Ohio History Journal

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Notes and Queries

Notes and Queries



Jonathan Stealey, an adjunct assistant professor of art at The University of

Findlay, has been named to the Bicentennial Planning Committee of the Lewis and

Clark Trail Heritage Foundation, Inc. The Foundation, based in Washington,

D.C., encompasses a wide spectrum of government officials, historians, and en-

thusiasts dedicated to preserving national interest in the historical worth of the

nation's best-documented exploration of the American west. Commissioned by

President Jefferson to find a commercial overland route to the Pacific Ocean,

Captains Meriwether Lewis and William Clark made their journey during the years

1803-06, and kept exacting journals of their travels. Professor Stealey, in a pro-

ject entitled "We Proceeded On: Going Back," has begun a photographic re-survey

of the entire 8,000 miles of the original expedition. Traveling from Camp Wood,

near the mouth of the Missouri River in Illinois, to the Pacific Ocean and back,

Stealey is attempting to photograph each site along the trail at the same time of

year in which Lewis and Clark traveled there. The resulting photographs will ap-

pear in a traveling exhibition, a coffee-table publication, and in a children's book

about the Lewis and Clark expedition.


The University of Oklahoma Libraries' Western History Collections, in cooper-

ation with the Oklahoma Historical Society, has completed filming the Cherokee

Nation Papers. The National Endowment for the Humanities provided funding for

the microfilm project. This collection contains approximately 100 linear feet of

official records and publications of the Cherokee Nation and the personal papers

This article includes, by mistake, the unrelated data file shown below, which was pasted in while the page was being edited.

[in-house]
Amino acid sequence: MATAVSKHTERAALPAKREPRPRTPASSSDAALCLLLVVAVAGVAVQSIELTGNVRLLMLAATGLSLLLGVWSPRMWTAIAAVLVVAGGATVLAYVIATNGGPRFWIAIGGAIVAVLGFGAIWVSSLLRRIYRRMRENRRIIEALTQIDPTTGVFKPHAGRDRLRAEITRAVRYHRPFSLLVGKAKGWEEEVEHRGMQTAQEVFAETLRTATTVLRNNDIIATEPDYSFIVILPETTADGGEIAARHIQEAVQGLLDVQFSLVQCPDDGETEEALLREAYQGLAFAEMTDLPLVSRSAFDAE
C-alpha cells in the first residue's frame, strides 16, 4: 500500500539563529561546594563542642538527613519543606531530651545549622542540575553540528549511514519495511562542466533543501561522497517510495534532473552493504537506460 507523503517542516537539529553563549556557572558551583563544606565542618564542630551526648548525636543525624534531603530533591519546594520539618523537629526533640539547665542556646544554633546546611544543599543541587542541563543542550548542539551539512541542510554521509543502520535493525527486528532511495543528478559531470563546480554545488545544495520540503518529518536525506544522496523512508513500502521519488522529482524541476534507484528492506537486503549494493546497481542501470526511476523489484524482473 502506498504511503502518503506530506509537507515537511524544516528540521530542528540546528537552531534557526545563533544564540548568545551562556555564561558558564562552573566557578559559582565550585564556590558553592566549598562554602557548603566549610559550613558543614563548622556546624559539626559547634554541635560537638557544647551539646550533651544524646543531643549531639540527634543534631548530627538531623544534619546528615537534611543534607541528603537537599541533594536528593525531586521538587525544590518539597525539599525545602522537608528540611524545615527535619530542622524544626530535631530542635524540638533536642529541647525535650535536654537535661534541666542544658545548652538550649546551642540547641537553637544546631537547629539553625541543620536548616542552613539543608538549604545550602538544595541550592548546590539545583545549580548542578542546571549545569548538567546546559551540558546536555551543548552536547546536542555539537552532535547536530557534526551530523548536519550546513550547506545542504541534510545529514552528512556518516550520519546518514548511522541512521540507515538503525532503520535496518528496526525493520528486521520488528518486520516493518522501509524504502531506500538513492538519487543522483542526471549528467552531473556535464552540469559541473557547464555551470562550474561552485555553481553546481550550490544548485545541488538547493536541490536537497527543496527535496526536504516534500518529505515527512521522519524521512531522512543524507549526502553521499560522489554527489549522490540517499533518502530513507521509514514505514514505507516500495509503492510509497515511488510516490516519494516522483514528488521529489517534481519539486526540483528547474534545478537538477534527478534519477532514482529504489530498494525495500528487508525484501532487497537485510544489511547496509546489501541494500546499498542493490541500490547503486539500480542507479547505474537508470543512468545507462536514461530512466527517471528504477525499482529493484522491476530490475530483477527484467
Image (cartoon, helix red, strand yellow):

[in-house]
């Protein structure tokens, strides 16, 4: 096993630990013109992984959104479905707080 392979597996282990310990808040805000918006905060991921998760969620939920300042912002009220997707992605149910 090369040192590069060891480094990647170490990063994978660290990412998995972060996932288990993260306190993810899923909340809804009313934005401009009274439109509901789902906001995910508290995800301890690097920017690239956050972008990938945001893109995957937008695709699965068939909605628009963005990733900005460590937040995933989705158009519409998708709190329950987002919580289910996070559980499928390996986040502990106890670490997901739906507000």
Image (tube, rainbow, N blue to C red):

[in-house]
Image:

of four leading Cherokee Indian families. The inclusive dates of the materials are

1830-1907. The papers are arranged into two record groups and forty-five sub-

groups. The official records document Indian removal from the southeaster U.S.;

the formation and operation of the Cherokee government in Indian Territory; the

formation and growth of Cherokee Nation institutions such as schools, newspa-

pers, courts, health facilities, and law enforcement agencies; Cherokee Indian rela-

tions with the U.S. government; and Cherokee Indian involvement in the Civil

War and Reconstruction. The personal papers include those of Cherokee leaders

James Madison Bell, Stand Waite, John Rollin Ridge, and Elias C. Boudinot.

Also prominent among this record group is the correspondence of Sarah Bell

Watie which offers a woman's perspective on Indian Territory events of the late

19th century. There are 68 rolls of microfilm to the set. Roll One is a detailed

finding aid, including an index, to the collection. The microfilm, either as a com-

plete set or in individual rolls, is available for purchase or for use on interlibrary

loan. For further information, contact the Curator, Western History Collections,

University of Oklahoma Library, Room 452, Monnet Hall, Norman, Oklahoma



Two interesting local histories have recently been published in Ohio. Vernon

J. Miller's Historical Album of Charm, Ohio, was issued by Charm Publishing.

The 278-page book documents the history of a small village in southeastern

Holmes County, and features over 200 photographs and illustrations. To order

Miller's Historical Album of Charm, Ohio, contact: Charm Publishing, Vernon J.

Miller, 4755 County Rd. 19, Millersburg, Ohio 44654. Clayton W. Miller re-

cently authored History of Benton, 1810-1995. Filled with biographical sketches